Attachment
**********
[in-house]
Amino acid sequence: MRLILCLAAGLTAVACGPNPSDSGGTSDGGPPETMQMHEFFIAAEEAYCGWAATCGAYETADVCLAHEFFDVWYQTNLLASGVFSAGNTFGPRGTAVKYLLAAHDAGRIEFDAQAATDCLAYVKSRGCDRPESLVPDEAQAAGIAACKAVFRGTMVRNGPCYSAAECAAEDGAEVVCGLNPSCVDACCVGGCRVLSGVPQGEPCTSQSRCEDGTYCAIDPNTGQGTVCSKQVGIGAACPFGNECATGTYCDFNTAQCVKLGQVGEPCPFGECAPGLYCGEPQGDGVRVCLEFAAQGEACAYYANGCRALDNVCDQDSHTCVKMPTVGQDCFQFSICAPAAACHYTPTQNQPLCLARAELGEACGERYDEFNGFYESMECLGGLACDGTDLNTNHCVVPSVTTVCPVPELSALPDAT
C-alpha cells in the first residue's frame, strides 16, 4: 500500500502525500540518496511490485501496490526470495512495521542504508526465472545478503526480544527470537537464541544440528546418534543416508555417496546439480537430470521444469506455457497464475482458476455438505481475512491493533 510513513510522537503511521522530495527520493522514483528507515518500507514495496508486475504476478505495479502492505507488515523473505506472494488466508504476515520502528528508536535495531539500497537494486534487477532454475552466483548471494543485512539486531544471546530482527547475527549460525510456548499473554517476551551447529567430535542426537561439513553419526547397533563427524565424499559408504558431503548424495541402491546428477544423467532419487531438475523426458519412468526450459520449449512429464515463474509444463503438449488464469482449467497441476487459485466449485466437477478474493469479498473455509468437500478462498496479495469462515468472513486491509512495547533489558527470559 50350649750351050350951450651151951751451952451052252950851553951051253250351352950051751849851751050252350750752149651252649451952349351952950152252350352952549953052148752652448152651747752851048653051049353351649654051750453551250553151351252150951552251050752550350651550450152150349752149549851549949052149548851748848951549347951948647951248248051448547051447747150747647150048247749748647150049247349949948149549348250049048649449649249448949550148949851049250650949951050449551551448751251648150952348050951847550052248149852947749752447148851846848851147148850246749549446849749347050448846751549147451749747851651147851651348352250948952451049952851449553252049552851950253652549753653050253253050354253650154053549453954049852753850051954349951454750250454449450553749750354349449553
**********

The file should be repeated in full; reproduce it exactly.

[in-house]
Amino acid sequence: MRLILCLAAGLTAVACGPNPSDSGGTSDGGPPETMQMHEFFIAAEEAYCGWAATCGAYETADVCLAHEFFDVWYQTNLLASGVFSAGNTFGPRGTAVKYLLAAHDAGRIEFDAQAATDCLAYVKSRGCDRPESLVPDEAQAAGIAACKAVFRGTMVRNGPCYSAAECAAEDGAEVVCGLNPSCVDACCVGGCRVLSGVPQGEPCTSQSRCEDGTYCAIDPNTGQGTVCSKQVGIGAACPFGNECATGTYCDFNTAQCVKLGQVGEPCPFGECAPGLYCGEPQGDGVRVCLEFAAQGEACAYYANGCRALDNVCDQDSHTCVKMPTVGQDCFQFSICAPAAACHYTPTQNQPLCLARAELGEACGERYDEFNGFYESMECLGGLACDGTDLNTNHCVVPSVTTVCPVPELSALPDAT
C-alpha cells in the first residue's frame, strides 16, 4: 500500500502525500540518496511490485501496490526470495512495521542504508526465472545478503526480544527470537537464541544440528546418534543416508555417496546439480537430470521444469506455457497464475482458476455438505481475512491493533 510513513510522537503511521522530495527520493522514483528507515518500507514495496508486475504476478505495479502492505507488515523473505506472494488466508504476515520502528528508536535495531539500497537494486534487477532454475552466483548471494543485512539486531544471546530482527547475527549460525510456548499473554517476551551447529567430535542426537561439513553419526547397533563427524565424499559408504558431503548424495541402491546428477544423467532419487531438475523426458519412468526450459520449449512429464515463474509444463503438449488464469482449467497441476487459485466449485466437477478474493469479498473455509468437500478462498496479495469462515468472513486491509512495547533489558527470559 50350649750351050350951450651151951751451952451052252950851553951051253250351352950051751849851751050252350750752149651252649451952349351952950152252350352952549953052148752652448152651747752851048653051049353351649654051750453551250553151351252150951552251050752550350651550450152150349752149549851549949052149548851748848951549347951948647951248248051448547051447747150747647150048247749748647150049247349949948149549348250049048649449649249448949550148949851049250650949951050449551551448751251648150952348050951847550052248149852947749752447148851846848851147148850246749549446849749347050448846751549147451749747851651147851651348352250948952451049952851449553252049552851950253652549753653050253253050354253650154053549453954049852753850051954349951454750250454449450553749750354349449553